Greek translation: χρόνια πολλά για τη γιορτή σου
English term or phrase: Happy Name Day!
In Christianity, a name day is a tradition in some countries of Europe and the Americas, and Roman Catholic and Eastern Orthodox countries in general. It consists of celebrating a day of the year that is associated with one’s given name. The celebration is similar to a birthday.
For example in Greece we say something like “Xronia Polla!” which means something like “live long” or “Christ Has Risen!” and they usually reply “He has, indeed!” What do you say in England?
|English term or phrase:||best wishes|
|Greek translation:||Τις καλύτερες ευχές μου|
|Entered by:||Betty Revelioti|
Happy Greek Independence Day, Everyone! Ευτιχισμενη Εικοσιπεντε Μαρτιου!
|10 October||11 November||12 December|
To wish someone a happy name day, you say boldog névnapot! Its pronounced “bulldog nave-na-pot.” Now that I have been in Hungary for over a year, I’ve grown accusomted to wishing my Hungarian friends and colleagues boldog névnapot on their name days, but I still find the concept fascinating.
The name Happy is primarily a gender-neutral name of American origin that means Joyful.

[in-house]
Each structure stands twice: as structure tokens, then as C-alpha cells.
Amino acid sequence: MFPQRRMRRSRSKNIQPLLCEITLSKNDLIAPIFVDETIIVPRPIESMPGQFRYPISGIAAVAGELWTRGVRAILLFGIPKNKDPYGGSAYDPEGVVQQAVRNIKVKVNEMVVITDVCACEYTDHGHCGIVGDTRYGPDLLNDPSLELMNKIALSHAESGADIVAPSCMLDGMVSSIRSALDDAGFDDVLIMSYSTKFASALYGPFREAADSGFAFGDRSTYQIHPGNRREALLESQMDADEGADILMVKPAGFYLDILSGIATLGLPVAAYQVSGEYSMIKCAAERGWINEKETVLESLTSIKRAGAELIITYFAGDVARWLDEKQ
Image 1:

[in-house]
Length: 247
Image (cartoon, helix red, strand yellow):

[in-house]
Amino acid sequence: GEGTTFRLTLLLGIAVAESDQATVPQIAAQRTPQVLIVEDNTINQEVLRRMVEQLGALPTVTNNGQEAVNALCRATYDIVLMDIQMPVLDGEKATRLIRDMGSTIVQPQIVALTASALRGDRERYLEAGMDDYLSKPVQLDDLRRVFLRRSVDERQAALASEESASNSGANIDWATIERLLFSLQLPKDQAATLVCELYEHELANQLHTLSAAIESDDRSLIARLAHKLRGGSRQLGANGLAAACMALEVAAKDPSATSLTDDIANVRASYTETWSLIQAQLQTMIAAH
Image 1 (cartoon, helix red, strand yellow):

Typical Greetings Used in Greece
Χαίρετε (Herete) This is a formal way of saying hello.
In rhetoric, eunoia (Ancient Greek: εὔνοιᾰ, romanized: eúnoia, lit. ‘well mind; beautiful thinking‘) is the goodwill a speaker cultivates between themselves and their audience, a condition of receptivity.
Hungarians not only have birthday, but nameday as well. Birthdays are usually celebrated just in immediate family. Namedays, however are widely known and celebrated.
Gratulálok! Happy Birthday to you! Boldog születésnapot kívánok!
|Hungary Magyarország (Hungarian)|
|ISO 3166 code||HU|
Long ago, “Biff” was an English slang verb meaning punch or hit. So, it became a nickname for tough guys.
One of the most common Greek words is έλα (ela). It is the imperative of the verb έρχομαι (erhomai, to come) and literally it means come (in the second singular person): “Έλα! Το λεωφορείο φεύγει!» (Ela!
The actual meaning of “opa!” is more like “Oops” or “Whoops!” Among Greeks, you might hear it after someone bumps into something or drops or breaks an object.
yassas = hello or goodbye – γειά σας. A greeting to more people or a more formal and polite way to greet an unknown person.
The Greek word for Christmas is Christougena or Christougenna, literally meaning “Christ’s birth.” When Greeks say “Merry Christmas,” they say, “Kala Christougena.” The apparent g sound is pronounced like a y.
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